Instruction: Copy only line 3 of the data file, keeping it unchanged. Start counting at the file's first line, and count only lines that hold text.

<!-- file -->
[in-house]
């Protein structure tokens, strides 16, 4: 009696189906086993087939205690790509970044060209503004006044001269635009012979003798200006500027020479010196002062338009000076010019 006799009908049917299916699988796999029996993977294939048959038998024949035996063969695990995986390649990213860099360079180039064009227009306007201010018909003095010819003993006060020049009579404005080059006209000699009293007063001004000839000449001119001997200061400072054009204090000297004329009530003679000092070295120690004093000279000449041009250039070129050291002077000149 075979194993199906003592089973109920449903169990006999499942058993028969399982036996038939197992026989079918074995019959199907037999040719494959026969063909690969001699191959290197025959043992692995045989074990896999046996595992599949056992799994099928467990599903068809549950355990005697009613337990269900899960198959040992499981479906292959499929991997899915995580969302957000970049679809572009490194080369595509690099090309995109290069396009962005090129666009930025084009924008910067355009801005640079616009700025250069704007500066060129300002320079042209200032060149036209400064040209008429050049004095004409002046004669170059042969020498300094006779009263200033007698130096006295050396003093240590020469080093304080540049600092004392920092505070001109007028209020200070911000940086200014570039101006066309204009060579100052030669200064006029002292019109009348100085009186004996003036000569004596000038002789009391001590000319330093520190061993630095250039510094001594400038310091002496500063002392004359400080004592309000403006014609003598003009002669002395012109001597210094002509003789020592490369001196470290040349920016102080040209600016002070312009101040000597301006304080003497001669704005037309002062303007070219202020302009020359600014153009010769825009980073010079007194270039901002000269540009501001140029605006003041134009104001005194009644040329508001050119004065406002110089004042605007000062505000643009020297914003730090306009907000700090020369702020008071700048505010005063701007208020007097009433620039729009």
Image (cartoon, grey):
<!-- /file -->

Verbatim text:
Image (cartoon, grey):